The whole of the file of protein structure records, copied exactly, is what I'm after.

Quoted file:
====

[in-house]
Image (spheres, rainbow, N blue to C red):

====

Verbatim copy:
[in-house]
Image (spheres, rainbow, N blue to C red):